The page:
We filed appellant IMO’s principal brief in the Federal Circuit at the end of May 2018. Within a few days, the Patent Office filed an unopposed motion to vacate the PTAB decision. Shortly thereafter, the Federal Circuit issued its opinion, vacating the PTAB decision and remanding the application to the Office for further proceedings. In re Intelligent Medical Objects, Appeal 18-1586 (slip op. June 27, 2018).
The IMO decision and a similar decision in In re Allscripts Software, LLC, Appeal 2018-1451 (Fed. Cir. slip op., June 27, 2018) were the subject of a blog post “Berkheimer, the Administrative Procedure Act and PTO Motions to Vacate PTAB § 101 Decisions,” in IP Watchdog (July 16, 2018), praising the Patent Office for acknowledging the Berkheimer decision and doing the right thing in the two Federal Circuit appeals.
Meanwhile, in April 2018, the Patent Office issued new guidance for examination of software patent applications. That guidance makes it clear that software patent claims cannot legally be rejected without grounds supported by evidence. There will be more guidance from the Office, and there will be more opinions from the Federal Circuit.
Notwithstanding the substantial and growing body of legal authority, however, there will be further erroneous rejections of software patent claims. Many of those rejections will be maintained, and a few of those will be taken on appeal. It is only a matter of time before the Federal Circuit issues one or more published opinions holding that Berkheimer applies in ex parte patent prosecution.
Published Federal Circuit opinions are the tip of the iceberg. But, ah, the cost to applicants! And for every successful appellant, there are 10, 20 or more applicants who sadly accede to final rejections and abandon worthy applications. This is a not a good outcome from a patent system that is intended to promote the progress of technology by issuing patents for meritorious inventions.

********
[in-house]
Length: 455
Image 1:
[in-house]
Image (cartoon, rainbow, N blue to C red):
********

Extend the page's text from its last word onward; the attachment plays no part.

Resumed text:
Some of the greatest challenges facing the world today will be solved with new and improved software. The need for better electronic medical records is one example. Another, literally inside the Patent Office, is the need to manage ever-growing terabytes of data without crashing electronic filing and retrieval systems. Hacking and cybercrimes often take advantage of shortcomings in software; better cybersecurity will depend on better software. Many of these issues are technical problems that will be solved with novel, non-obvious, applied technical solutions.
Such software inventions are deserving of patent protection. Director Iancu is to be applauded for his recent acknowledgements of legal errors in final rejections appealed to the Federal Circuit.
As for patent applicants, owners, and attorneys, the patent system is not and never will be perfect. Skillful drafting and prosecution go a long way toward obtaining allowance of claims directed to deserving inventions. In some cases, appeals even to the Federal Circuit may be necessary, and, as in the cases of Intelligent Medical Objects and Allscripts Software, they may win.
By Richard P. Beem
Bio: Richard Beem, a graduate of Iowa State (B.S. in chemical engineering) and the University of Houston (J.D., cum laude), served as Law Clerk to the late Hon. Edward S. Smith, one of the original 12 judges of the Federal Circuit. Richard is the founder and principal of Beem Patent Law Firm in Chicago.